The Pennsylvania Chapter of The Wildlife Society (PATWS) held its inaugural Fall Field Day over the weekend of September 23-24, 2016.
The event started on Friday night at the Elk Country Visitor Center in Benezette, PA. Students and wildlife professionals alike met at the Visitor Center annex building to view elk, eat excellent hors d’oeuvres, sip a glass of local wine and socialize. The evening was highlighted by the presentation, by Past President Emily Hope Thomas, of a beautiful, original painting of an osprey with nest and young to our Gordon Kirkland Award winner, Dr. Hoagy Schaadt. The painting was a framed multi-media creation by wildlife artist David Hughes of Hawk Mountain, PA.
After the presentation, a demonstration of bat mist-netting and acoustic detection techniques were presented by Normandeau Associates, Inc. USFWS Qualified Bat Surveyor Jason Collins. Echo location (acoustic) signals were detected using Normandeau’s proprietary acoustic equipment, and during two classroom workshops on Saturday included a review and speciation of the signatures collected on Friday night.
Elk were both heard and seen well into the evening after which participants drove to Dubois to spend the night.
More than 90 attendees and presenters were up bright and early to prepare for or attend the nine workshops offered in four sessions on the campus of Penn State Dubois.
Workshops presented were:
- Pennsylvania Elk: Status and Management – Jeremy Banfield
- Mist Netting and Bird Banding: Handling Nets and Birds – Emily Thomas
- Speed Training in Wetlands Delineation – Keith Maurice, Jane Rowan, Rob Blye
- Plant Identification for Wildlife Biologists – Rob Blye, Keith Maurice
- Non-lethal Wildlife Damage Management Methods – Tony Roland
- New Geospatial and Sensor Technologies for Quantifying Animal Behavior – Andrew McGann
- Raising and Tagging Monarch Butterflies: Educational Opportunities and Disease Challenges – Keely Roen
- The Secret Behind the Rattle: Timber Rattlesnakes – Stacy Foster
- An Introduction to Bat Sampling Technology – Jason Collins
The workshops were presented by professional wildlife biologists from federal and state agencies, academic institutions and the private consultants. Attendees included members of TWS Student Chapters from California University of Pennsylvania, Penn State University Dubois, Juniata College, and Delaware Valley University, students from Keystone College and Millersville University, advisors and professors from these schools, and professionals from state and federal agencies and consultants. In attendance was Penn State’s Dr. Margaret Brittingham, this year’s PATWS President.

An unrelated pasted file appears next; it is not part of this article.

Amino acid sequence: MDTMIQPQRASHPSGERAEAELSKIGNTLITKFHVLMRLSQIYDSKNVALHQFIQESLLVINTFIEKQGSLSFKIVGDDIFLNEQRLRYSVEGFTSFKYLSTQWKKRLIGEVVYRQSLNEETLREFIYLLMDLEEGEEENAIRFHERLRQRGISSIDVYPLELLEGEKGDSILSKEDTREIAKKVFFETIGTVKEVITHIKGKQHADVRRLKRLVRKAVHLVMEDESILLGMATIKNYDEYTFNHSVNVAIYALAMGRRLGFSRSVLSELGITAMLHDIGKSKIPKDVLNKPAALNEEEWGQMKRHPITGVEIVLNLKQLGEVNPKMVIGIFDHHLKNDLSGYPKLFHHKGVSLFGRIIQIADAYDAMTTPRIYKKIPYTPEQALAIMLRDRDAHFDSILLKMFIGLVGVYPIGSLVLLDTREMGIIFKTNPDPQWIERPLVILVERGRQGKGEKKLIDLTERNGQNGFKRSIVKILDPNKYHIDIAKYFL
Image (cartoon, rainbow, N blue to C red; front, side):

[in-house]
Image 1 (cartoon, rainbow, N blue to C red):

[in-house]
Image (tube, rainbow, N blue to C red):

Rob Blye, assisted by Normandeau’s botanist Keith Maurice, presented two woody plant identification workshops with an emphasis on plants important to wildlife. Keith, with assistance from VP Jane Rowan and Rob Blye, also conducted a wetland delineation workshop, including field and classroom components. The wetland training captured 30 years of regulatory history and a complicated, three step process succinctly but in fully sufficient detail, with graphical illustrations in the classroom and hands-on observation in the field.
The highlights of the day were the gray-cheeked thrush, northern waterthrush, Lincoln’s sparrow and blackpoll warblers captured and banded in Emily Hope Thomas’ workshops. Also a plethora of American goldfinches, song sparrows, northern cardinals and gray catbirds were banded and released. Each attendee got to both help erect a mist net and handle birds as they were banded.
Early morning bird banders and early afternoon wetland delineators could see and hear the adjacent wildlife damage workshop conducted by Tony Roland as decoys were evident and gas cannons were exploding regularly. The afternoon bird banders got to hear the piercing hiss of timber rattlesnakes as workshop attendees learned about the life history, anatomy and biology of these fascinating snakes with real life examples presented by Stacy Foster.
The afternoon monarch banding project workshop conducted by Penn State Dubois Instructor Keely Roen is part of the Monarch Watch network. Workshop participants were given hands on opportunities to capture and tag monarch butterflies that would soon migrate south to Central America to begin their complex and generational life history cycle.
Andrew McGann’s workshop covered new GPS+Accelerometer tracking technologies available for wildlife telemetry projects. New technologies from the realms of smartphones, wearable fitness trackers, and quadcopter “drones” are now being incorporated into wildlife tracking devices, allowing researchers to address new and longstanding questions about animal movement and behavior. The wildlife telemetry devices from Cellular Tracking Technologies (CTT) employ cellular modems to connect the tracking devices directly to the Internet, allowing for the relatively inexpensive automated transfers of large amounts of telemetry data and options for remote reprogramming. The workshop also discussed the critical intersection of technology and ecology, in order to program and optimize sustainable data collection and transmission duty cycles to meet each project’s specific goals.
Lunch provided a great opportunity to meet new people, learn what they did and where, and exchange ideas on the newest techniques in wildlife research and management.